For first-time travelers to Toronto, it’s often Yorkville and West Queen West that get most of the love. But another part of downtown that’s also worth a trip is the Distillery District, on the east side. This complex of Victorian-era stone and brick buildings, now a multi-use development, is already known for its restaurants and boutiques. Come April, the area will also get its own sake brewery, the Ontario Spring Water Sake Company. It will be a true rarity, one of just a handful of sake-makers in North America, and the only one on the eastern half.
Of course, making alcohol here is nothing new, and sake ambitions pale when compared to the many gallons of whiskey and other hard liquor that once rolled off the factory line. In the 1880s, when it was still called the Gooderham and Worts Distillery, this complex was the largest such factory in the world. It would go on producing liquor (and industrial chemicals) until production ended in 1990. For about a decade, the site wasn’t used for much more than location shoots — X-Men and Chicago were among the many movies filmed here. (More recently, it’s been used for scenes in MTV’s “Americanized” version of the teen drama Skins.)
After extensive renovation, the site re-opened in 2001 as the Distillery District, its 14 brick-paved acres used for 100 tenants, including restaurants, bars, boutiques, galleries, studios, schools, offices, theaters, and several condos. The developers, Cityscape Holdings and Dundee Realty Corporation, refuse to rent to large chains or franchises — this choice, along with the diversity of tenants, helps the District avoid the dead-end tourist-trappiness of New York’s South Street Seaport and San Francisco’s Fisherman’s Wharf.
One theme among the retail operations here is an artisanal focus. At Balzac’s Coffee Roasters, for instance, the beans are indeed roasted on-site, in a former pump house that’s been given the belle-epoque treatment. At Soma Chocolatemaker, the truffles and pralines are made in tiny batches from organic, fair trade, and even pre-Columbian “feral” cacao beans. And naturally the beer at the Mill St. Brew Pub is made on location. Other products, such as Hoi Bo’s high-end handbags, are also crafted on the premises.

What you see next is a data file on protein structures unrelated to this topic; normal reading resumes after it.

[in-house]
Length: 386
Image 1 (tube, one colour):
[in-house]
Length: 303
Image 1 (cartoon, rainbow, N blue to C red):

Like most of its future neighbors, the Ontario Spring Water Sake Company will be crafting its products on-site. One sort of sake most likely to be in demand will be the unpasteurized (“namazake“), which must be stored cold and is therefore difficult and expensive to import from Japan. According to Kazuto Hayashi, the company’s marketing manager, namazake has a “sharper, fresher” and “quite often fruitier” taste than the more usual pasteurized sake. Although the brewery probably won’t be serving food of its own, it intends to collaborate with restaurants to help play up the ease with which sake pairs with lots of different kinds of food. Hayashi hopes to schedule the pressing out of the sake on weekends, so that more people can see this part of the process. If things go well, Ontario Spring Water could be one part in a growing interest and knowledge of sake throughout all of North America as well as Canada.